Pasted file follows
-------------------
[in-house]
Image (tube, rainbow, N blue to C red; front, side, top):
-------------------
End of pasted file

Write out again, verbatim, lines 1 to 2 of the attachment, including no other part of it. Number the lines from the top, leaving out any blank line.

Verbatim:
[in-house]
Image (tube, rainbow, N blue to C red; front, side, top):